Time For Another Update From The I.O.C.

White-collared Seedeater (Sporophila torqueola) male by Kent Nickell

White-collared Seedeater (Sporophila torqueola) male by Kent Nickell Now Split

The latest update from the I.O.C. [8.2] just came out yesterday. Thankfully, they are only doing two a year now, not four. So, while I dig in and rearrange and update this site, here are a couple of articles about the latest changes that might interest you.

If you are new to this blog, several times a year, the birding authorities accept and reject proposals for splits, lumps and new species. Some are accepted and many are rejected for now. These articles help explain that procedure better than I can. So, look them over. They reveal the hows and whys of the latest changes.

Red-eyed Vireo (Vireo olivaceus) by Kent Nickell

Red-eyed Vireo (Vireo olivaceus) by Kent Nickell Now Split

This first one shows the changes very well and may save me doing the same.

2018 AOS Supplement is Out!

BirdWatching magazine has this article:

2018 checklist changes include few splits

This next article by David Sibley is really good and helps us understand these changes from a personal level:

David Sibley: How to make peace with changes to your checklist

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Latest update online here is the IOC 8.1. Stay tuned, I’m on it!

“My son, fear thou the LORD and the king: and meddle not with them that are given to change:” (Proverbs 24:21 KJV)

I.O.C. Version 8.1 Update Completed

Dividing the Buntings and Sparrows – I.O.C. 8.1

Hang On To Your Hat – I.O.C. 8.1 Update Underway

Birdwatcher or Bird Collector?

Blue Jay (Cyanocitta cristata) at Bok Tower By Dan'sPix

Blue Jay (Cyanocitta cristata) at Bok Tower By Dan’sPix

I just finished reading an article in the August 2012 issue of “BirdWatching” Magazine by Maeve Kim. It is called “Born-Again Bird-Watcher.” The title caught my interest since I am a “Born-again Christian.” The article, of course, had nothing to do with religion but was about watching birds.

She, Maeve, had progressed from being a birdwatcher that just loved to watch birds and make notes in a field notebook.

“My old field notebooks are full of exclamation points and underlinings and capital letters. “GREEN HERON at beaver pond! Glowing chestnut throat and neck! Gorgeous!”
I described everything I saw about a bird’s physical appearance, behavior, and song. Often, my notebook entries ended with questions that I hoped might be answered if I watched more birds.”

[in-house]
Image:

Progression went from lots of information to just a “checklist” were just seeing the bird and checking it off became the main goal. This is called a “Bird Getter” and not a bird watcher. Long interesting story short, Maeve has now gone back to “watching” the birds even common ones. It is a very good article.

Wood Duck male – Lake Morton 6-28-12 by Lee

As I have “progressed” in my own birdwatching I also have learned about “journals,” “notebooks” and “lists.” I enjoy seeing my “Life List of Birds” grow, but I try not to just want to “check them off” so the list will grow. As a Christian believing that the Lord created the birds, I enjoy watching them, their behaviors, their sounds, how they fly and eat and writing about them. I am amazed at His design and paintbrush used. How each bird was given just the right beak, feet, song, flight pattern, etc. is awesome.

She said, “True Bird-Watchers enjoy every single minute that they’re out birding. They don’t come home feeling cheated because they didn’t get a rare Dovekie. Instead, they celebrate every time they see a Black Guillemot’s (her common) red feet flashing under cold water.”

Blue-Gray Gnatcatcher at Circle B Reserve by Lee

Blue-Gray Gnatcatcher at Circle B Reserve by Lee

Every time we go to our local parks, I still enjoy watching the antics of our local common birds. May we never tire or grow weary of “only ” seeing a bird that we have seen many times before.

But now ask the beasts, and let them teach you; And the birds of the heavens, and let them tell you. “Who among all these does not know That the hand of the LORD has done this, (Job 12:7,9 NASB)

How can we learn from the birds if we don’t watch them?

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